Hilary Swank

Few actresses have ever gotten into the kind of shape that Hilary Swank did for her Academy award-winning role as a champion boxer in Million Dollar Baby, and now that we've gotten the scoop on how she did it, we understand why! Swank had to overhaul her entire lifestyle and adopt a tightly regimented routine in which her workouts, her meals, and even her sleep were all planned out down to the minute.

"My training was two and a half hours of boxing and approximately an hour and a half to two hours lifting weights every day, six days a week," the actress said. "The producers asked me to gain 10 pounds of muscle. I gained 19 pounds of muscle. I started at 110 and went to 129. And in order to do that, I had to eat 210 grams of protein a day. Now, your body can only assimilate so much protein, so I had to eat every hour and a half." 

Swank also described drinking ten egg whites per day and sleeping nine hours per night — but with a midnight alarm so that she could get up and choke down a protein shake in the wee hours of the morning.

Demi Moore

For her role as Lieutenant Jordan O'Neil, the first female Navy SEAL, in the 1997 film G.I. Jane, Demi Moore famously got in such peak physical condition that she was able to do one-armed pushups. To nail the part Moore trained with an actual Navy SEAL instructor, Stephen Helvenston, and eschewed stunt doubles, even for the movie's most intense scenes involving a brutal obstacle course

She said, "I could have come in and asked to let the stuntwoman do the obstacle course, but I felt I would have walked away having missed an opportunity experiencing, first-hand, what these people actually go through in training; it's the whole reason for doing this film in the first place."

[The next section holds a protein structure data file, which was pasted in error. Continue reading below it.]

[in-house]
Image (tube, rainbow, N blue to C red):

But just one trainer wasn't enough for Moore, she went the extra mile by also hiring celebrity trainer Gregory Joujon-Roche to ensure she wouldn't be left behind the other hardworking actors on set. "I didn't want any special treatment just because of who I am or my position in the film," she said.

Uma Thurman

In order to play Beatrix "The Bride" Kiddo in Quentin Tarantino's modern-day Kill Bill duet of kung fu films, Uma Thurman had to be able to kill David Carradine's Bill, and defeat everyone who stood in the way of that goal, in several dozen different ways — and at least two languages. 

Thurman described the litany of skills she had to train for, saying in an interview, "Three styles of kung fu, two styles of sword fighting, knife throwing, knife fighting, hand-to-hand combat, Japanese speaking. It was literally absurd." 

Needless to say, it took a serious investment of time and effort to take it from absurd to awesome. Said Thurman of her grueling regimen with martial arts master Wu Ping, "They trained me five days a week for three months from nine in the morning until five o'clock at night and we were not to be late and I never got to leave early."

Linda Hamilton

While some folks were swooning over the then-awe-inspiring special effects in James Cameron's 1991 sequel to Terminator, others were far more impressed by the musclebound guns of its leading lady, who became a "feminist icon" following the film's release. 

Linda Hamilton trained like a maniac for her return to the role of Sarah Connor in Terminator 2: Judgment Day, putting in 13 weeks of work before shooting even began. Her training regimen saw the 112-pound actress doing loads of cardio, weight training, weapons training, and judo, as well as eating a very vintage-1990s diet that included virtually no fat. 

"I learned to load clips, change mags, check out a room upon entry, verify kills. It was very vicious stuff. And it was sheer hell," Hamilton said, but she was willing to do it for the part. Still, the grueling training still wasn't enough to satisfy her trainer. 

Hamilton said, "He would have liked to have had me swimming in the ocean at dawn with a 50-pound pack. But I have a son who needed me too."

​Angelina Jolie

Angelina Jolie doesn't just accept physically demanding roles, she seeks them out and then looks for ways to make them even more hardcore. In a special feature included on the Tomb Raider: Cradle of Life DVD, the movie's director revealed that Jolie came on board with a list of new skills and new fighting techniques she wanted to learn for the film — requiring her to train in everything from horseback riding to stick fighting, before all was said and done.